by Don Remick
Christianity After Religion: Diana Butler Bass’s new book is captivating…in a disturbing way. I’ve been preaching at churches this spring and summer about the changing landscape of religion in our country. Diana’s book is one more among a growing number of authors who are describing the look of this landscape.
Most are able to describe. In the observations and research we have heard the language of the ‘mainline churches’ being ‘sidelined’. We have heard of the death of denominations. We have heard of the ‘spiritual but not religious’. And we have clearly heard the statistics of the decline of membership and money. Few can prescribe a clear way forward.
It is not unlike the wilderness wanderings that is such a core metaphor of our faith from the Exodus to the birthing of Christianity to the dark night of the soul. And that may be its deepest gift. For decades, church growth has been about prescriptions; some saving clear way forward. Take this strategy and you will have more people in your pews and pledges in your plate. Some of them worked. All of them had some merit and value. Few of them lasted. They did not integrate the lesson of the wilderness.
The greatest value of the wilderness is stripping us of the illusion that we can control the outcome. It takes away the delusion that we can maintain the church we love as we have come to love it by our efforts. It takes away the arrogance of thinking we can change the church into what it needs to be. We can’t. The Bible tells me so. Before we can build the church, before we can make it relevant to the community in the changing landscape, we have to let go of the church we want to build and the relevance we want to have. Let go and Let God. Walk humbly. Seek first the realm of God. Fundamental ancient wisdom which is neither descriptive nor prescriptive.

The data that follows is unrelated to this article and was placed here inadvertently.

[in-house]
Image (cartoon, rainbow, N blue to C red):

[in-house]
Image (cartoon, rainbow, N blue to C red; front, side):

I have no fear that the Body of Christ will die. It did that once. And the Resurrection reminds us that the power of God’s Spirit is unquenchable. I don’t know about all our churches. But I have hope. In the last couple years, I have seen an anxiety and longing (and in some cases a desperation) in our churches that turned many of them humbly to God. They have discerned (often in the form of prayerful experimentation) new ways to authentically and faithfully connect with the hunger of the souls in their pews, neighborhoods and communities; new ways of being and doing. Many aren’t there yet, but a growing number are experiencing and observing a new vibrancy in their worship and outreach. The soul of the church and the souls within these churches are coming alive.
Via upcoming blog posts and newsletters, you will find stories and resources and programs that will help navigate the wilderness.
Here are some to consider:
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